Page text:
I remember the summer before my freshman year in college when I went to stay with a family friend for a few weeks. This family friend was incredibly kind, and I felt like part of the family almost instantly. During dinner one night, we were discussing our thoughts on religion and spirituality, which prompted everyone at the table to share their beliefs. As soon as I finished expressing my own views on pantheism and its connection to nature, this family friend started talking about her strong belief in atheism.
At first, it seemed awkward that our worldviews were so drastically different; however, I tried to remain open-minded as she further explained her beliefs. She argued that there is no scientific basis for any type of deity or higher power because all evidence points to there being no such thing as ‘God.’ Her words made me feel uncomfortable because despite trying to understand her perspective, much of what she said opposed my personal faith and values. With every point made by her side of the argument, it became increasingly difficult for me not only to relate but also maintain an open mind towards what she was saying.
Recall a time when you met someone with a different worldview than yours (e.g., pantheism, theism, atheism), and you had a difficult time relating. What challenges did you have relating to that person? How might an understanding of the other’s worldview have helped you in that situation?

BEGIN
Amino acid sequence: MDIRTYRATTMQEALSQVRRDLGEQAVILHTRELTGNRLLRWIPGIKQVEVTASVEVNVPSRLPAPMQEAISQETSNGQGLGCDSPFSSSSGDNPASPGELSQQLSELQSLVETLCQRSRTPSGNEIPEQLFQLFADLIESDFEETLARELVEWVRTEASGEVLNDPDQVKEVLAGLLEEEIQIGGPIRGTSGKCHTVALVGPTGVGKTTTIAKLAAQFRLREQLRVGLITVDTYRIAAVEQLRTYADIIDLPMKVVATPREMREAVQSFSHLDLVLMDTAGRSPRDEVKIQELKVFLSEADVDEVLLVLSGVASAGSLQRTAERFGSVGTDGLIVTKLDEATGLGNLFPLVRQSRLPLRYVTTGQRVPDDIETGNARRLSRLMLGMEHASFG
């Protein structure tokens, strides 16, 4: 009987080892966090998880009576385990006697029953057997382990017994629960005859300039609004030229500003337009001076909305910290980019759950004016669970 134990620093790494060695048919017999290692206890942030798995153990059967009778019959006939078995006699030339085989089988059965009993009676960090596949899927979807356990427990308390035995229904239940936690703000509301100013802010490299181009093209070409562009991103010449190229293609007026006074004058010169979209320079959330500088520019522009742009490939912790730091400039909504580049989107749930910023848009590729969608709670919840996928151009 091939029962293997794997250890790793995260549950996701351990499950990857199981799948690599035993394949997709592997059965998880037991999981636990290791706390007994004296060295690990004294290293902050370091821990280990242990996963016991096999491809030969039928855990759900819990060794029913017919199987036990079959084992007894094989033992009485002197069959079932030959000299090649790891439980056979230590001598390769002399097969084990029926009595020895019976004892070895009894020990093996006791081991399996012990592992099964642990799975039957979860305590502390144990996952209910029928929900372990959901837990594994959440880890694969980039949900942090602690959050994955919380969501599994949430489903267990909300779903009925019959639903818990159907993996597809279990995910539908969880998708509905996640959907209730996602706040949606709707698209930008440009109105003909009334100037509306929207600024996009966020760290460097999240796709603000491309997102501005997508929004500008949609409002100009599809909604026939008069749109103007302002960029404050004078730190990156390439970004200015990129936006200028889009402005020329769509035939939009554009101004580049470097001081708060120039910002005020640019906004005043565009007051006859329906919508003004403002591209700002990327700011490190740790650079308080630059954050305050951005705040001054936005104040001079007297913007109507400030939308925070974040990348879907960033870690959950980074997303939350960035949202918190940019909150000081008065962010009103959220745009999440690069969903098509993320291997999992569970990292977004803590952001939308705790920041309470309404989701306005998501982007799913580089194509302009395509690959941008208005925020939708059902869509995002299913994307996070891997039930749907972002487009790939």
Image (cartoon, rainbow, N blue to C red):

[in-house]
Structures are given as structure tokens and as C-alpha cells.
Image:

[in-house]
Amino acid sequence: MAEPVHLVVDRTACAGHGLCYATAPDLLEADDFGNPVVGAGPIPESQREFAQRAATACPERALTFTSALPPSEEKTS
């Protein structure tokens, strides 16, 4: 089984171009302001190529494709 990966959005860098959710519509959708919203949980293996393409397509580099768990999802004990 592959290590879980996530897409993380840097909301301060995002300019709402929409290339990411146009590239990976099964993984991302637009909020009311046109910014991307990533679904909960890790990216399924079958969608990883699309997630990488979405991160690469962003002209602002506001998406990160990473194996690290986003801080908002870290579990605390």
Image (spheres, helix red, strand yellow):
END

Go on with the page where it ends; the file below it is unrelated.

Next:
In hindsight, if I had been more mindful of understanding this person’s worldview before entering into the conversation then things would have gone much smoother between us both. Instead of feeling overwhelmed and confused by how different our viewpoints were on such important matters related to spirituality and faith -which are two very sensitive topics- perhaps having knowledge ahead of time about atheism could have enabled me to better relate with this person during our discussion on religion that evening. A deeper understanding of another’s belief system can give insight into why they hold certain opinions even if those opinions conflict with your own.
Taking time out beforehand to learn more about someone else’s position can help bridge gaps between opposing sides during conversations regarding serious topics like identity or faith without compromising anyone’s values in the process . Ultimately , having a greater awareness surrounding different worldviews helps people connect with each other regardless of whether they agree or disagree on something in particular — which is precisely what happened after that conversation ended earlier than expected due largely in part by misaligned core beliefs between us both.